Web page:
President Bolsonaro prays in a House session. Photo: Carolina Antunes/PR

During the weekend, President Jair Bolsonaro said there is “an 80-percent chance” he will leave the Social Liberal Party. This declaration is the latest chapter in the fallout between the president and the party’s chairman, Congressman Luciano Bivar. The two have fought tooth and nail for control over the party’s coffers—which will be boosted by a payment of over BRL 200 million next year from a public campaign fund.

But beyond just leaving his current political group, Mr. Bolsonaro said he desires to create a party of his own, given that independent candidacies are illegal in Brazil.

</p> <p>At this point, though, it would be a stretch to say that the president and his allies would be able to create a new party from scratch, in time to be eligible for the 2020 municipal elections.</p> <p>These mayoral and council elections in Brazil set the stage for national races two years later. In a country <a href="https://brazilian.report/society/2018/11/22/size-how-big-brazil-territory/">as vast as Brazil</a>, candidates rely on allied elected officials in isolated corners for grassroots engagement.&nbsp;</p> <h2>How to create a new party in Brazil</h2> <p>The first step to create a political party in Brazil is to register an establishment request at an electoral notary office, with at least 101 signatures supporting it. At this point, a two-year window is opened, during which the party must jump through the following hoops:</p> <ul><li>Attract the support of at least 0.5 percent of the number of people who voted in the last general election. Between 2018 and 2022, the required number of signatures is 491,967. These voters must be spread across at least nine states; in each, the party must get the support of at least 0.1 percent of voters.</li><li>Then, each signature must be validated by electoral notaries, involving a lengthy process of comparing each written mark on the petition to existing electoral records. As many people change their signatures over time, thousands are lost in this step.</li><li>If the party still has the correct number of petitioners, the Superior Electoral Court will then analyze the application.</li><li>If justices don&#8217;t find any legal objection to the application, the party is officially created.</li></ul> <p>But in order to be on the ballot, this green light must come at least six months before election day. In the case of the 2020 municipal race, that means early April, or five months from now.</p> <p>In 2011, the Social Democratic Party—considered a paramount example of quickness—took seven months from start to finish. In some cases, it can take years. Former senator and presidential candidate Marina Silva needed four years to make her environmentalist Rede party a reality.</p> <p>There are currently 75 parties in the process of being created. However, only 16 have been able to get over 1,000 signatures—and only one is in the final stage. The so-called Popular Unity (UP) has gotten two favorable votes in the Superior Electoral Court—but a third justice asked for more time to analyze the process.</p> <h2>What would Bolsonaro gain from having his own party?</h2> <p>In over three decades in politics, Jair Bolsonaro is anything but loyal partisan, having switched allegiances eight times since 1989. However, as president, Mr. Bolsonaro has understood the need of having a grip on his own political group.</p> <p>According to Brazil&#8217;s rules, the publicly-financed electoral fund is split among parties according to their number of seats in Congress. And all of that money is controlled by just a handful of chairpeople, who decide which candidates will receive more funding—and therefore be more competitive.</p> <p>Mr. Bolsonaro has never hidden his intentions of only benefiting politicians who show blind trust in him and his sons. By controlling his own party, he would actively help shape Brazil&#8217;s next congressional races.&nbsp;</p> <h2>Obstacles for Bolsonaro&#8217;s new party</h2> <p>Mr. Bolsonaro believes he could sway about 20 of the Social Liberal Party&#8217;s 53 members of Congress to follow him. However, that would be easier said than done.&nbsp;</p> <p>Brazil&#8217;s electoral legislation has several instruments to restrict party change from elected officials. Today, only three reasons are admitted (in all other cases, the politician loses their seat):</p> <ul><li>Grave persecution from party leaders;</li><li>A substantial change in the program (which didn&#8217;t happen within Mr. Bolsonaro&#8217;s current party);</li><li>Moves within a 30-day window in electoral years (which, for federal congresspeople, would only happen in 2022).</li></ul> <p>The creation of a new party used to be a part of this, but it was dropped as new parties began <a href="https://brazilian.report/power/2018/09/28/rebranding-brazil-parties-election/">sprouting</a> at an unbelievable pace over the past decade. (A total of <a href="https://brazilian.report/power/2018/11/13/brazilian-congress-fragmented/">30 parties are represented in Congress</a> today—more than anywhere in the world.)</p> <p>That leaves the president&#8217;s supporters with only one option: alleging &#8220;grave persecution&#8221; and battling in courts for the right to keep their seats. That would certainly be an expensive and uncertain move, however.</p> <p>And even if they do get to keep their seats, their share of the electoral fund would remain with the party in which they were elected. So, even if everything goes Mr. Bolsonaro&#8217;s way, he wouldn&#8217;t get the money he&#8217;s seeking in the first place.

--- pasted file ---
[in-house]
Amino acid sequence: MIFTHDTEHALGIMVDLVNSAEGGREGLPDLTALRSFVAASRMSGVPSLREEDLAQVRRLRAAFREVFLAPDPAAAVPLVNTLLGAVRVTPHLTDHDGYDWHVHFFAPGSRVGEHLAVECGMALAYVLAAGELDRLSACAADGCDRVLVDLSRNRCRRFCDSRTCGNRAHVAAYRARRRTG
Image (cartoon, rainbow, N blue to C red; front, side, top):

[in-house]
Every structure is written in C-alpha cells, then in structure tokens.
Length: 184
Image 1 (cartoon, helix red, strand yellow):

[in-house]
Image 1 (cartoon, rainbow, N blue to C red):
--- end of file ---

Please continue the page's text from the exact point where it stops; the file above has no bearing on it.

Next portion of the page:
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PowerNov 05, 2019

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BY The Brazilian Report

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